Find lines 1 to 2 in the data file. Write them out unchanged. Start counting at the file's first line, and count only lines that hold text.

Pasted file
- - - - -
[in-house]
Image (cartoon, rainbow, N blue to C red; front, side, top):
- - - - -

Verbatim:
[in-house]
Image (cartoon, rainbow, N blue to C red; front, side, top):